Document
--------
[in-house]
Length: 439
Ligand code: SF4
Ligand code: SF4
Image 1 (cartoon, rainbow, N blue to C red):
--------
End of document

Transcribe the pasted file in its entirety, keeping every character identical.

[in-house]
Length: 439
Ligand code: SF4
Ligand code: SF4
Image 1 (cartoon, rainbow, N blue to C red):